Smaller transition. If you are anything like I was as a graduating high school senior, you had no idea what being an adult entitled. I had no idea how to handle myself on my own, let alone my college expenses. Community college eases the transition from high school to college by providing a smaller atmosphere that still expects college-level intellect from its students.

Easier scheduling. Most community colleges offer classes at multiple blocks of time with multiple professors. They offer classes for early birds and night owls, and scheduling is usually not as hectic as it is on a university level.

Completing general education requirements. Ah, gen eds. Some argue they are a way for students to pinpoint their strengths and interests, and others argue that they are a waste of time and money. Either way, most students are required to take them, so you might as well take them in the cheapest, simplest way possible.

Smaller classes. Especially in gen ed classes, university class sizes can reach 100-200 people. Community college class sizes average around 25-30 students, making it much easier to get help and make your voice heard.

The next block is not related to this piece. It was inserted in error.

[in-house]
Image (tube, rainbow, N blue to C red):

The possibility of earning an Associate Degree. If you choose to stay two years at community college, some states have a “guaranteed transfer” program that will automatically accept you into the university of your choice, granted you have an alright GPA and an associate degree. An associate degree usually covers your gen eds, and will allow you to transfer to a university to go right into your program of study.

Community College Disadvantages

A different “college experience.” I will admit that during my time at community college, I still went and visited my friends at universities once a month to get the so-called “college experience.” This was a great way to avoid feeling excluded, since most community colleges do not have extensive campuses, dining facilities, sports teams, or the always-interesting atmosphere that accompanies thousands of 17-23 year olds living within a 10 mile radius of each other.

Stress of applying to university. If you do your freshman year at community college, you will not earn an associates degree and will still need to apply to your choice of university to transfer as a sophomore. You (unfortunately) won’t be able to avoid the stress of the application process, and you will still have to make sure you have taken the SAT and taken your first-year coursework seriously.

Some credits won’t transfer. If you have a good idea of what school you want to transfer to after freshman year, make sure that you consult with the school or their website to match up your courses with their community college course equivalents. I have heard of countless students who wasted time and energy taking a class (or classes) that they later discovered would not be counted as credit at their four-year institution.